The 2 Most Common Foot Pain Issues

For many patients, foot pain issues never seem to go away. Our feet are some of the most important parts of our body, as they carry our weight on a daily basis and allow us to walk upright while sustaining our movement. However, with the constant beating our feet take on a daily basis they can become a huge source of pain that will almost never stop – especially when we place stress or additional weight on our feet. This is especially the case in a commuter city like Midtown Manhattan in the 10036 zip code where the average New Yorker has a tendency to walk over 5 miles per day. As the top podiatrist 10036 has in practice, Dr. Barry Katzman often treats patients that suffer from a wide range of foot issues but the most common is heel pain as a result of plantar fasciitis. Plantar fasciitis is the inflammation of the plantar fascia, which is the long band of tissue on the bottom of the foot ranging from the heel to toes. While plantar fasciitis is the most common foot care issue, the second most common issue Americans deal with is the presence of bunions, which cause chronic mid-foot pain. As the foremost podiatrist 10036 has to offer, Dr. Katzman hopes to educate patients on these two common conditions in further detail.

Plantar Fasciitis

Plantar fasciitis treatment is one of the most important, as well as common podiatric treatment protocols around today. Plantar fasciitis is the inflammation of the plantar fascia, which is the long band of tissue on the bottom of the foot ranging from the heel to toes.As the top podiatrist 10036 zip code has in practice, Dr. Katzman has treated a vast number of patients suffering from terrible heal pain. Most commonly, this heel pain is caused by constant stress placed on the feet. Often times, plantar fasciitis affects those who are on their feet for long periods of time, like waitresses and bartenders, also other individuals like professional runners, dancers, and other athletes. Considering that plantar fascia is caused by the constant, repeated stress of walking or running or standing, this condition is categorized as an overuse issue.

The most common symptoms to be aware of when it comes to plantar fasciitis treatment, are shooting pain at the base of the heel, occasional pain in the arch of the foot. This pain is usually most common early in the mornings, and when seated for long periods of time. As the top Podiatrist 10036 has in practice, Dr. Katzman recommends immediate plantar fasciitis treatment. When this issue is left untreated, the pain will drastically increase to the point where the patient may not be able to walk any longer.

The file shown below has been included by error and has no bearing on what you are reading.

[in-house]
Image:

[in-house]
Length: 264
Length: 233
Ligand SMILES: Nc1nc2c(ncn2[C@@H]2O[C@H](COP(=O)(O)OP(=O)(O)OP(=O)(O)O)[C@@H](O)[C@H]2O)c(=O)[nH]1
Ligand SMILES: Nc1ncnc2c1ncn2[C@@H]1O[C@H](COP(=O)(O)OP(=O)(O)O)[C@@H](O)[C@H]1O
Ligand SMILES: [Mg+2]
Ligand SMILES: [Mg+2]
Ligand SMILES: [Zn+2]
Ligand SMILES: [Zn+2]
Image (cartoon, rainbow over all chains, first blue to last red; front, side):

Bunions

Bunions are far more common than most of us know. Many assume bunions are just bumps located on the side of the big toe, however, the bump associated with a bunion is actually a sign that the bone within the big toe has lost its normal alignment and is now “jutting” outwards from the toe area. As the big toe leans toward the second toe instead of pointing straight out. This throws the bones out of alignment and forms the characteristic bump. Bunions are known to get progressively worse, which means that the bump which appears on the side of the toe will only worsen over time. As the bunions become progressively worse, the bones within the toe begin to change their angle causing more pain in the foot and more symptoms to appear. Often times, when a bunion becomes severe, bunion treatment requires more invasive measures and even surgery. Bunion treatment surgery is known as a bunionectomy, a procedure designed to correct the changes in the foot’s bone structure, often done by shaving down the bump itself. In addition to shaving down the bump, the damaged soft tissue within the area must be corrected as well. For Dr. Katzman, this bunion treatment procedure is designed to accomplish 3 distinct goals – reduce the pain, improve the patient’s ability to function normally and decrease the deformity itself. If you are suffering from any of these common foot ailments and are in need of treatment, contact Dr. Barry Katzman today.